|Date(s):||January 1, 1952 to January 1, 1969|
|Tag(s):||Detroit Brewster-Douglass, African-Americans, Black Bottom, Detroit|
|Course:||“Environmental History in Detroit,” University of Michigan|
In response to the lack of housing in Detroit, the Brewster-Douglass Housing Projects were created. Each of the six tower in this housing project was built in a similar fashion as a means of expediting its creation, as an aerial image makes clear. Located on St. Antoine Street and near Hastings Street, border streets of the traditionally African American neighborhood of Black Bottom, thousands of families called this place home. The nearby Paradise Valley commercial district provided residents with entertainment and a sustainable nightlife. The Brewster-Douglass Housing Project was the first federal housing project built for African-Americans. The siting of these projects was intentional, as it helped to ensure that African-Americans would remain in segregated neighborhoods, away from whites. Through the destruction of Black Bottom in the 1960s to make way for a freeway, these projects would continue to serve as one of the few housing options for low-income Detroiters until they were eventually abandoned in the early 21st century.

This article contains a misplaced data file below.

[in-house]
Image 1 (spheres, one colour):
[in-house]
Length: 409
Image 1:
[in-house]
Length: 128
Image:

Even though the Brewster-Douglass Housing Projects were not demolished along with Black Bottom, their character changed dramatically with the construction of the freeway. Those who called the Brewster-Douglass Housing Projects home lost the Paradise Valley commercial district and the sense of community with Black Bottom, and many who could afford it moved to more convenient locations along with their former neighbors. Interstate-75 brought with it a shift in the utilization of the area, without much concern for what would occur to these housing projects, and caused the families to be transported out of the area to promote the mobility of whites into the city.